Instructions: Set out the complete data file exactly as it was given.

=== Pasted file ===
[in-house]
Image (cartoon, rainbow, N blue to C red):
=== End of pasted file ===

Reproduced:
[in-house]
Image (cartoon, rainbow, N blue to C red):